Secondary attack rate of COVID-19 in different settings: review and meta-analysis

A rather beautiful review and meta-analysis by colleagues at Imperial College London examines the evidence around the secondary attack rate (SAR) for SARS-CoV-2 in various settings, highlighting the risk of prolonged contact in homes as the highest risk for transmission.

Online databases were searched up to early July 2020 – so a few more articles will have been published since this work was done. Studies included in the meta-analysis reported on setting; the number of index, case-contacts, and secondary cases; tested all contacts regardless of symptoms; and reported on more than one index case. A total of 45 reports were included in the meta-analysis.

The key findings of the meta-analysis are summarised in Table 1. The key point is that household settings had by far the highest SAR – although this was lower than you might expect at 21%. The data for ‘healthcare’ comes from 10 studies – in six of these studies, index cases were all patients, in two studies index cases were both patients and healthcare workers, and in one study, index cases were healthcare workers only. The final study didn’t include this (rather important) info.

Table 1: Pooled SAR for SAR-CoV-2 transmission in various settings.

SettingPooled SAR95% Confidence Interval
Households21.1%17.4% – 24.8%
Social gatherings with family and friends5.9%3.8% – 8.1%
Travel5.0%0.3% – 9.8%
Healthcare3.6%1.0% – 6.9%
Workplace1.9%0.0% – 3.9%
Casual close contacts1.2%0.3% – 2.1%

The review also identified an age effect – transmission to and from those under the age of 20 years was lower (Figure 1).

Figure 1: Pooled estimates of SAR by the age of the index case (A&B) or by the age of the contact (C&D).

There’s also a clear and stepwise association between the transmission risk from those without symptoms, in the pre-symptomatic period, and those with symptoms (Figure 2).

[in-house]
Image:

Figure 2: SARs from asymptomatic, pre-symptomatic and symptomatic index cases.

It’s a bit surprising that the secondary attack rates are as low as they are for SARS-CoV-2. To think that transmission of SARS-CoV-2 only occurs for around 2 in 10 contacts underlines that SARS-CoV-2 doesn’t spread like wildfire, even with close and prolonged contact indoors with family members. This gives me hope and confidence that we can effectively prevent the spread of SARS-CoV-2 between patients and staff in healthcare settings.

The finding that household settings had the highest SAR by some margin underpins the UK government advice about avoiding meeting indoors, with a much more relaxed approach to meeting outdoors. It also explains why the approach this Christmas has been (very sensibly) tightened to reduce the number of indoor household contacts.

One of the key features of SARS-CoV-2 is the asymptomatic and pre-symptomatic transmission, which seems much less evident with other similar viruses. It will be interesting to see whether the reasons for the apparent increased transmissibility of the new variant is related to extended asymptomatic or pre-symptomatic shedding.

The key messages of this review are that prolonged indoor household contact is the biggest risk for spreading SARS-CoV-2, that younger people seem less susceptible to acquisition and less likely to spread SARS-CoV-2, and reinforcing that asymptomatic and pre-symptomatic transmission is helping to fuel this pandemic.

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